Parking enforcement officers fanned out through Park Slope this week, doling out $45 tickets as alternate-side-of-the-street parking regulations came back into effect after an eight-week hiatus.
At least 13 cars were ticketed on Eighth Street between Sixth and Seventh avenues on Tuesday, and close to that number of bright orange tickets were plastered on windshields on Prospect and Park places between Sixth and Fourth avenues — just a small portion of the scores of tickets that were written since Monday morning, when the new rules rolled in.
Alternate-side parking — and the street cleaning that comes with it — had been suspended to allow the Department of Transportation to install more than 2,000 new signs to alert drivers that “No parking” periods were being cut from three hours to 90 minutes on side streets. The result will be cleaner streets, according to the Department of Sanitation.
The rules went into effect on Monday, though many residents remained unaware — until they got the ticket, that is.
“No one gave us any warning,” said Sandra Ellis, who barely avoided a ticket — but only because some neighbors were getting one. “I took out my garbage and I saw people moving their cars. I called 311 and that’s how I found out. This is the way the city makes money. It’s sneaky. Think about all the people on vacation. They never set a hard date for ending this, so if you left on vacation, you would think the rules were still suspended.”
Another resident added: “During the changeover, I got used again to leaving my car wherever. But everyone thought there’d be a grace period.”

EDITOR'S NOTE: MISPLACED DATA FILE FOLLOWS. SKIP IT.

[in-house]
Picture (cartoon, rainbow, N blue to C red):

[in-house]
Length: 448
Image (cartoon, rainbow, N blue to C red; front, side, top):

Even if drivers like that were unprepared, cops at the 78th Precinct certainly were; next to the main entrance to the Sixth Avenue stationhouse was a map of the entire area where rules went back into effect — evidence that the police were more than ready to punish lawbreakers.
City officials said that they informed the public through news releases and via the 311 system. And Councilman Bill DeBlasio put out a flier alerting drivers — though many clearly didn’t get the message. The news was also widely reported in local and city media.
“I share people’s frustration with how this entire process has been handled by the Department of Transportation,” DeBlasio said in a statement. “If, on Day 1, DOT had simply set a date for when alternate-side parking rules would go back into effect, this confusion could have been avoided.”
DeBlasio said he would call upon DOT to “show leniency on these tickets, given that many neighborhood residents were unaware the rules had gone back into effect.”
Community Board 6 District Manager Craig Hammerman is urging anyone who had received a ticket to contact his office.
“We will write a letter of support … and the ticket [may] be dismissed,” Hammerman said, citing the unusual circumstances.
On many blocks, drivers not only got tickets, but a souvenir of the newly reinstituted parking regulations: those bright yellow, impossible to cleanly remove Sanitation Department stickers warning car owners that they have failed to move their car in time for an arriving street sweeper.
Meanwhile, residents of Boerum Hill, Carroll Gardens and Cobble Hill have begun experiencing the joy of not having to move their cars. The current “no alternate side” zone now stretches from Fourth Avenue to Court Street between Warren and 14th streets.
©2008 Community News Group
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